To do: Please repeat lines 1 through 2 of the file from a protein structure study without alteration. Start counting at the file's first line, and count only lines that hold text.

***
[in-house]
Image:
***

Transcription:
[in-house]
Image: